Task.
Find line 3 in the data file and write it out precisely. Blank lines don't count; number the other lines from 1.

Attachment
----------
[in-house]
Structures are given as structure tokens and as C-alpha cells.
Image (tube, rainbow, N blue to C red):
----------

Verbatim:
Image (tube, rainbow, N blue to C red):